They say age is just a number, and Mount Everest is just a mountain.

The oldest Malaysian attempting to scale the tallest mountain in the world has reportedly reached the halfway point.

James Lee, 69, reportedly arrived at the peak of Lobuche East on Wednesday morning, according to Bernama.

Lobuche East is 6,145 metres above sea level, in case you were wondering.

Lee told the news agency that he and two other sherpa guides, Ngaa Tenji and Pasang Sherpa, successfully reached Lobuche East from the Lobuche High Camp at around 10.30am Nepal time.

"The view here is beautiful," Lee said in a video sent to Bernama on Thursday.

Lobuche is a small settlement near Mount Everest in the Khumbu region of Nepal, and is one of the last stops with lodging on the "trail to base camp". Hikers would have to pass through Lobuche and the trail to make their way up to the summit of Mount Everest.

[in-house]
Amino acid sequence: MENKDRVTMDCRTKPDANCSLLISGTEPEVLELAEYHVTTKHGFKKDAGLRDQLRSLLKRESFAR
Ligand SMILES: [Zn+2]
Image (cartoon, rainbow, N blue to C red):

James Lee is halfway there.
According to the news report, Lee and the two sherpa guides would reportedly would return to the Everest Base Camp before attempting to scale Mount Everest in May.

On 3 April, Lee and two other members of the Lions Club Port Dickson Pantai (LCPDP) departed Lukla, a town in north-eastern Nepal, as they began their journey to the summit. The two members reportedly accompanied Lee until the Everest Base Camp before taking a flight home to Malaysia last Tuesday.

Oh, here's the most interesting bit: this is actually Lee's second attempt at conquering Mount Everest.

In May 2016, he managed to ascend to Camp III at 7,200 metres, but he was forced to abandon his final hike to the summit due to bad weather.

We have a feeling that second time's the charm.